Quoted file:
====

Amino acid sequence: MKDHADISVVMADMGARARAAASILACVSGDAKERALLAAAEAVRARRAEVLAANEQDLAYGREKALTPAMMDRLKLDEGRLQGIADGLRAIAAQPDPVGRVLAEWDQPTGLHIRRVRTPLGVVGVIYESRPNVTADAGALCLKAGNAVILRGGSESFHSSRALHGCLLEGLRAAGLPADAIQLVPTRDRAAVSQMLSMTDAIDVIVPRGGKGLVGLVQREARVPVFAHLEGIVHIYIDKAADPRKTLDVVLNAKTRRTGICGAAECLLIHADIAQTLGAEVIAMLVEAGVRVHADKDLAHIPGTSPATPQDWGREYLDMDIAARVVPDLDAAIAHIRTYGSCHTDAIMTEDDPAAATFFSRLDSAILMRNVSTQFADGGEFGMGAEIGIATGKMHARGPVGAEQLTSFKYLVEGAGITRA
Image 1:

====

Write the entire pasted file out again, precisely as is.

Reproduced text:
Amino acid sequence: MKDHADISVVMADMGARARAAASILACVSGDAKERALLAAAEAVRARRAEVLAANEQDLAYGREKALTPAMMDRLKLDEGRLQGIADGLRAIAAQPDPVGRVLAEWDQPTGLHIRRVRTPLGVVGVIYESRPNVTADAGALCLKAGNAVILRGGSESFHSSRALHGCLLEGLRAAGLPADAIQLVPTRDRAAVSQMLSMTDAIDVIVPRGGKGLVGLVQREARVPVFAHLEGIVHIYIDKAADPRKTLDVVLNAKTRRTGICGAAECLLIHADIAQTLGAEVIAMLVEAGVRVHADKDLAHIPGTSPATPQDWGREYLDMDIAARVVPDLDAAIAHIRTYGSCHTDAIMTEDDPAAATFFSRLDSAILMRNVSTQFADGGEFGMGAEIGIATGKMHARGPVGAEQLTSFKYLVEGAGITRA
Image 1: